Generally dreaded by employees and managers alike, what's the best way to prepare and maximise your annual review?
This time of year is tough; you're recovering from over-spending and over-indulging at Christmas; you've given up on your New Year's resolutions and on top of this your annual performance appraisal is looming!
Is there a way to turn what is often an awkward, strained conversation with your boss, weighted down with lengthy paperwork, into a meaningful exchange which serves as a tool to motivate and drive you for the year to come?
The answer is yes!
Spend time reviewing your previous year; revert to last year’s review, particularly the section outlining goals. Explain to your manager in a clear, measurable fashion how you achieved those goals, what success you attained and what contribution you made to the business by achieving your target.
In the event that these goals were not achieved, don’t brush it under the carpet in the hope that it will slip your manager’s mind. Instead, confidently broach the subject and advise why these goals were not achieved:
How does your company measure success? Translate your performance over the previous 12 months into financial terms, and interpret your input into the business commercially. Furthermore, strengthen your case with third party endorsements; testimonials or customer feedback can speak volumes about your own performance.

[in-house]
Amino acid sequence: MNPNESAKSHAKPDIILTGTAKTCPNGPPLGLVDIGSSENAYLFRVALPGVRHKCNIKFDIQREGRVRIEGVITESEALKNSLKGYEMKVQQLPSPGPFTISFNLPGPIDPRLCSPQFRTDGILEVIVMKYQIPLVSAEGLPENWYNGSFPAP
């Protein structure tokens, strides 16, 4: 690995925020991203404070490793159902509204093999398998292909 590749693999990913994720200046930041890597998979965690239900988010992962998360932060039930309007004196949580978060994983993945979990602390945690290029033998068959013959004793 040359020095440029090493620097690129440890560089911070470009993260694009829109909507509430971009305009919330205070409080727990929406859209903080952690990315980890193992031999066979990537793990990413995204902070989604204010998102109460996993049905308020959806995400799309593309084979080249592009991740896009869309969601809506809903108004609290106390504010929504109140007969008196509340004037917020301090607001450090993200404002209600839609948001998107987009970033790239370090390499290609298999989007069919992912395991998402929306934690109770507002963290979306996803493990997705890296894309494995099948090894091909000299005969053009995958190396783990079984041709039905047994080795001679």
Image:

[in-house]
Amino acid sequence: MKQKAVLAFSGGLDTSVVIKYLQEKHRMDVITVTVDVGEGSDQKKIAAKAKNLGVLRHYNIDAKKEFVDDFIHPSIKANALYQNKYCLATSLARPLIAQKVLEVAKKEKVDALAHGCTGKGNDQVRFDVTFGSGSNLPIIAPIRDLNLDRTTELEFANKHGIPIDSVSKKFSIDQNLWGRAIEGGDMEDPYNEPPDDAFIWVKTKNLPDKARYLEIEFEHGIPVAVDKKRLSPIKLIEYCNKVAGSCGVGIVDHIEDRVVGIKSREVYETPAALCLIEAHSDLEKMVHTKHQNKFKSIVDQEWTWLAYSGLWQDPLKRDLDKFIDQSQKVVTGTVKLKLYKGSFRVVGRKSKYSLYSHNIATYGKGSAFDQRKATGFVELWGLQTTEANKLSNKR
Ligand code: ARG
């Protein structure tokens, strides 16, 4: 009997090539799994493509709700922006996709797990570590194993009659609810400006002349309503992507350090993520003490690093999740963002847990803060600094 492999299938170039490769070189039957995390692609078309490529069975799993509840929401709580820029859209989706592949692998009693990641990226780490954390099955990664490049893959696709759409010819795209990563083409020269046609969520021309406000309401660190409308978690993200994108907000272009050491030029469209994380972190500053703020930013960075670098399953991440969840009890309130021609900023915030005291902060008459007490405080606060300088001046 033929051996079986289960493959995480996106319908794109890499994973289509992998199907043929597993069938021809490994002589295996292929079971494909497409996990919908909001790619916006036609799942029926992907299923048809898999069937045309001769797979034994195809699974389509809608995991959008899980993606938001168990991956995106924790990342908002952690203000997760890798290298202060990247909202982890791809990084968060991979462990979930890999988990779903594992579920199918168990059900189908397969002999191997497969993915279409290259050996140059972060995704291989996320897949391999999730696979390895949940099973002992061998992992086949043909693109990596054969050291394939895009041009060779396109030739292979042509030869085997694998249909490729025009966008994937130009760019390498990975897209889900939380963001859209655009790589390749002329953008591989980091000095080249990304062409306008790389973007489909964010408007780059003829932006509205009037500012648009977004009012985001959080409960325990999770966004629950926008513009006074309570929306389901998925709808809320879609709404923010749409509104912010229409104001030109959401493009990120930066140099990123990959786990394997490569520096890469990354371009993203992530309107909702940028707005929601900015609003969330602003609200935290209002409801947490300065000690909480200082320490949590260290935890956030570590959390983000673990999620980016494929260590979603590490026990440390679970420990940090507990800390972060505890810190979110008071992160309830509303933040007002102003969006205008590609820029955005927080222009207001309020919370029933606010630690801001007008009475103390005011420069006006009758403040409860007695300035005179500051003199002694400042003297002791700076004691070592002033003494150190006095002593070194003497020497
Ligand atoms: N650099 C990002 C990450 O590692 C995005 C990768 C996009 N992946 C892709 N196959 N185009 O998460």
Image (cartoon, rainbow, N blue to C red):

Dedicate time and thought into what you want to achieve in the upcoming year. Where do you want to see yourself in 12 months time and beyond? How can the business support this growth? This is the time to communicate to your boss your worth and potential; so invest time into how you are going to convince them of their return on investment!
When discussing salary review, refer to external sources to benchmark on similar salaries in the market place, presenting the annual Morgan McKinley Salary Guide is a good place to start!
Above all, communicate in a cool, calm and professional manner, now is not the time for emotional outbursts! Remember, any documents are recorded by HR and in the care of the company for the remainder of your career with them so venting on paper is not advised!